(viii) Energy and Minerals — lands where commercial quantities of energy or minerals exist, extraction is occurring or likely to occur, and where the extraction restricts the integrated management of forest resources.

(ix) Operationally Limited — lands where current technology or engineering techniques are considered by the State Forester to be inadequate to reasonably ensure that integrated management practices would not cause significant long-term adverse effects. The State Forester may limit, restrict, or prohibit management activities in these areas as needed to protect forest resources or to accomplish the management goals for surrounding areas.

(x) Recreation — lands devoted to concentrated, formal recreation, or public education that restricts the integrated management of forest resources. These lands include but are not limited to campgrounds, forest parks, waysides, rest areas, and interpretive centers.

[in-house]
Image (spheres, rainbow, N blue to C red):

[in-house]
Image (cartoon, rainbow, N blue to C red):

(xi) Research/Monitoring — lands that are part of a research or monitoring project and the design of the project restricts the integrated management of forest resources.

(xii) Transmission — lands dedicated to the transmission of energy, materials, data, video and/or voice and where integrated management of forest resources is restricted. These lands include but are not limited to power lines, pipelines, and communication sites.

(xiii) Visual — lands subject to laws or regulations related to visual qualities or lands where the management practices needed to meet visual management objectives dominate over the integrated management of forest resources.